This is the second part in our series for Raspberry Pi enthusiasts. To read our first part in the series, visit Raspberry Pi for Commercial Applications: Configuring Wifi.
Raspberry Pi enthusiasts have consistently come up with innovative ways to use their mini computer. What’s great about it is, “its ‘tinker-ability.’” You get the most basic resources of a computer.
It’s easy to get stuck on the simple things, however, including how you can safely power down your Raspberry Pi. We’ve compiled some tips and a list of resources to help you optimally shutdown your system.
Should I just pull the plug?
No, it’s not recommended to just pull the plug. This can cause a variety of issues including corruption of your SD card and file system. It’s important that your Raspberry Pi gets a clean shutdown. There are easy ways to do this and some fun projects that you create to ensure a shutdown without unplugging your device.
Shutting down your Raspberry Pi from the terminal
If you have a keyboard and a screen, then the easiest way to shutdown your Raspberry Pi is by using this code in the command line:
This will give you a clean shutdown. After that, you can unplug the computer.
Creating a shutdown button
Unlike your other electronic devices, Raspberry Pi doesn’t come with an “off” switch. However, you can create a switch that acts as a shutdown button for your computer. If you’re running “headless (no keyboard or display)” then adding some kind of “off” switch or button will let you shutdown without unplugging.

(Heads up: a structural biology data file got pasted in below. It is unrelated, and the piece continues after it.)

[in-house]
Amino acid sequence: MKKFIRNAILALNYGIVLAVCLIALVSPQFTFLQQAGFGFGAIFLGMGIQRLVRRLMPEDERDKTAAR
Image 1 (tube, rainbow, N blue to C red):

The coding and setup instructions can be found at the Raspberry Pi site.
How to turn off without a keyboard
If you’re not using a keyboard then you can shut it down via the menu options.
Press start → select shutdown → turn off the pi
The menu will let you safely shutdown and you can proceed to unplug your device.
Using SSH (Secure Shell)
You can access your Raspberry Pi’s command line from another device if you use an SSH on the same network. It can act as a remote device – you can connect to it from another machine. Once set up, you’ll be able to shutdown your Raspberry Pi from another computer or device if more convenient when working on different projects. The Raspberry Pi site discusses the use of SSH with your device.
SSH will also allow you to shut down from a mobile device – not just another computer. This can be useful when you are wanting to shut down a program that your Raspberry Pi is running, but you cannot access it for different reasons.
ThisDaveJ.com has a great tutorial showing how to control a Raspberry Pi from a mobile device. Check it out.
Though there are some easy methods to shutdown, you have lots of options to play around with your coding.
One fun method is by using voice commands to turn off your Pi. As techradar says, “Make your own Alexa.” This can be done with a microphone and some coding. You’ll be able to give a list of commands to your Raspberry Pi when you’re finished, not just to shut off.
Read the step-by-step instructions at techradar.
And a paperclip?
Yes, you can even shut down with a paperclip. Paperclip isn’t a euphemism for some code work, it’s literally a paperclip that you probably have on your desk. It acts as a switch that you can use to turn your device on or off.
How to turn on Raspberry Pi after shutdown
It’s simple. Just plug it in. You don’t need to write code or create a button. After you have safely shutdown your Raspberry Pi, unplug it. When you’re ready to turn it on again you can just plug it back in.
If you want to leave your computer plugged in, then you can use some of the ideas above as methods to turn it on with a few minor tweaks.
One of the best parts of having a Raspberry Pi is the endless amount of customization and applications you can create. We wanted to touch on a seemingly simple topic – how can I shut it down – but as you can see, a simple process can turn into a fun project.